In her young life, Auerbach has gotten used to making hard decisions on her own. When she was only seventeen years old she had to make the choice of whether to stay on alone in the United States – following her Russian concert tour to America, an incredible opportunity for the young Russian pianist – or to return home to her family, but maybe miss the opportunity of a lifetime.

During the decisive telephone call home, her mother, who, in Russia would have protected her every step, encouraged her to decide for herself despite the unknown outcome of any results. It was the time of the Soviet regime’s restricted travel permissions, and this decision involved the selflessness of essentially giving up the hope of spending any time together any time soon, a hard task for the typically Jewish-Russian parents from a provincial region, who had especially guarded their child’s course of life every step of the way. Until her sudden arrival in New York, the sheltered Auerbach had never travelled without being picked up by her parents from the train station. Growing up in the rather isolated Russian Chelyabinsk, near the Siberian border, Auerbach was strongly connected with her parent’s world of books and music. Her mother, a piano teacher at the local music school, remains her strongest inspiration. It took Auerbach five years, after receiving an artist visa, before she was able to travel back home with a guaranteed return to continue her studies abroad. Only upon the decline of Soviet communism, were her parents finally able to join her in New York, having essentially missed the ten most important years in the young artist’s development. Auerbach was especially happy that her mom was able to attend her Carnegie Hall debut recital in 2002, the only dream she had shared with many of her Western pianist peers. In fact, it was a double debut for her – she performed as a pianist and was the composer of her Suite Concertante for Piano and Violin performed by her with renowned violinist Gidon Kremer and the Kremerata Baltica.

The double sided activities of composer/musician are what create the biggest challenges in the logistics of planning out her life.  “As much as it’s always important for me to have a piano close to me – and I compose partly at the piano, partly without it – I had to cut down concertizing significantly within the last three years. I have to have longer stretches in between concertizing, to concentrate on composing. The biggest conflict comes, when I am on tour and have deadlines of new works to meet.”

Lera Auerbach at Verbier

How does her composing influence her piano performance? “I do perform standard repertoire, but I do hear it in a different way and I play only pieces, where I feel I have something new to say. For example I have a very personal way of playing Pictures of an Exhibition by Mussorgsky; I like to take a lot of liberties, typically like the performer- composers of previous generations. There is no such thing as a good piano sound. There is only the magic of making the piano sing in another voice, taking on the characteristics of other instruments. In the hand of a great performer it becomes a psychological means to hypnotize an audience into accessing their imagination in the best possible way.”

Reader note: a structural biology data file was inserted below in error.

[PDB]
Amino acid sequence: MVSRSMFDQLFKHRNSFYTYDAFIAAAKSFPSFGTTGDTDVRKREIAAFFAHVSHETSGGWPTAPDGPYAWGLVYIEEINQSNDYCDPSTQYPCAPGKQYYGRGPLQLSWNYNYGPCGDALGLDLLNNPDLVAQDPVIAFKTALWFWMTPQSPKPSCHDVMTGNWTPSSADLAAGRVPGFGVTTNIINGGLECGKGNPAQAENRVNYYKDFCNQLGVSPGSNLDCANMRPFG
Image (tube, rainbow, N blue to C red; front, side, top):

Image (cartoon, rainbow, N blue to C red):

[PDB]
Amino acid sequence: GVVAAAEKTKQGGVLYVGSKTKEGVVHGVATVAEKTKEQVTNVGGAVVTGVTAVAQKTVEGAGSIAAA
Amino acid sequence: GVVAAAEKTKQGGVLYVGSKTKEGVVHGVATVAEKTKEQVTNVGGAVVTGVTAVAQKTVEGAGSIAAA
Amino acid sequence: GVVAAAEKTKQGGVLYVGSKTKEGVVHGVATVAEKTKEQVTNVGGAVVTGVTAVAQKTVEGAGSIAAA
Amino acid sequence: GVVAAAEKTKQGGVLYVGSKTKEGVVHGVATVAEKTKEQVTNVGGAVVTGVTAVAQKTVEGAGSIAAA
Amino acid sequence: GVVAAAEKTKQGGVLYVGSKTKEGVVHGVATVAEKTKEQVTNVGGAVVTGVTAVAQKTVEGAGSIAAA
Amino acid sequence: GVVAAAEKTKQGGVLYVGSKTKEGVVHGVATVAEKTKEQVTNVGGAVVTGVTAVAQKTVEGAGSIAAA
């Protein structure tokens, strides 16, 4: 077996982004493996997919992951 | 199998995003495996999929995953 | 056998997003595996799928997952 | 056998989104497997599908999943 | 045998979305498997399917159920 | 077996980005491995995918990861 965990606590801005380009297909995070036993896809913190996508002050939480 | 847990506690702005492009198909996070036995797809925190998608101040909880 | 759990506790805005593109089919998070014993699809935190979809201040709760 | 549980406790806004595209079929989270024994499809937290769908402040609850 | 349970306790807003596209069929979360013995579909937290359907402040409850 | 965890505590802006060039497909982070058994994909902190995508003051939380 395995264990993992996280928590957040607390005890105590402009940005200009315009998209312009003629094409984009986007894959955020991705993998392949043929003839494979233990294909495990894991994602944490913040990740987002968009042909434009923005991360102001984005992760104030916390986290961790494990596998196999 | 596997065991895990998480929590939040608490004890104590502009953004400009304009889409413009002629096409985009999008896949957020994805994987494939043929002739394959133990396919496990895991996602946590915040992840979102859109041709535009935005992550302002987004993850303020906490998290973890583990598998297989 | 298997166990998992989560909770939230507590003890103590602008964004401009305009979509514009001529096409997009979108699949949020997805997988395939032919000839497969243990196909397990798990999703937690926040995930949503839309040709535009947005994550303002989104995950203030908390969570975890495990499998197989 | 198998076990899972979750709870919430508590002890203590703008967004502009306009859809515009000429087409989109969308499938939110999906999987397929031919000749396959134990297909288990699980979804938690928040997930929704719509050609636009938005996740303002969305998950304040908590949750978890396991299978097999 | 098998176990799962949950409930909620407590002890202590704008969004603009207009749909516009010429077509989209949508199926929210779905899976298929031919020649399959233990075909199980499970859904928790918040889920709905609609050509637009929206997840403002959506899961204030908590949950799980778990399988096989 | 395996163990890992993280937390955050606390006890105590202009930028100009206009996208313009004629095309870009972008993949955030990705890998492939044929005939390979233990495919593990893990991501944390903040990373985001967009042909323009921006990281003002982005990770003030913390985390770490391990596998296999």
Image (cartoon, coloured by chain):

Auerbach does not experience her being a woman as a decisive factor in her career. “It is a question of perception. I for myself see no difference, and you choose to be above those limitations, “says Auerbach, acknowledging that double standards still do exist to a certain extent. But she feels as though “she doesn’t need to prove anything to anybody,” and the young, married artist, who does not see children in her life, simply replies: “My opuses!” to that question.

Besides her studies at the Manhattan School of Music and at Juilliard, where she studied piano with Joseph Kalichstein and composition with Milton Babbitt and Robert Beaser, she also spend time with Beethoven specialist, the Norwegian Einar Steen-Nokleberg in Hannover, reporting it to be a very worthwhile experience. Essentially she views a truly engaged self examination, the willingness and curiosity of wanting to continually grow, as the conditions for any successful outcome in the learning process. “When the student is ready, the right teacher will appear” she smiles knowingly.

Named “Young Global leader” by the World Economic Forum in 2007, Auerbach’s Renaissance-style Omni creative presence is fully recognized by her contemporary artistic environment internationally. In Germany she was awarded the prestigious Hindemith Prize and, at the Pacific Music Festival, the Tokyo String Quartet and Sapporo Symphony joined forces to perform her Fragile Solitudes. New York’s Chamber Music Wu Han and David Finckel brought Auerbach’s work to Lincoln Center.  Auerbach relies on long time colleagues to keep her works alive, beyond the works’ premieres, such as the Borromeo String Quartet who have performed her entire selection of string quartets and recorded them on an archival recording.  She also recognizes the efficiency of the Music Accord Organization, which was formed by different concert organizers, who work together to extend the life of a Lincoln Center premiered work, by taking work on to tour different concert venues.

In the near future, the composer plans to concertize with an artist she admires and has performed with at the Verbier Music Festival recently, Boston based violist Kim Kashkashian, for who she wrote a transcription of Shostakovich’s 24 Preludes for Cello and Piano, arranged for Viola.

On November 15th, violinist Leonidas Kavakos will bring a selection of Lera Auerbach’s Preludes for Violin and Piano, Op. 46a, to Carnegie Hall. Audio and Video: Her website: Her blog: